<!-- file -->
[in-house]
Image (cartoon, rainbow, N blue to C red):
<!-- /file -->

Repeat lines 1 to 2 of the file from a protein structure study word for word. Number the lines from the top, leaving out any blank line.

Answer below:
[in-house]
Image (cartoon, rainbow, N blue to C red):